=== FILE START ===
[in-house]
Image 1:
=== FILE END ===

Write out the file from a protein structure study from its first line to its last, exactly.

[in-house]
Image 1: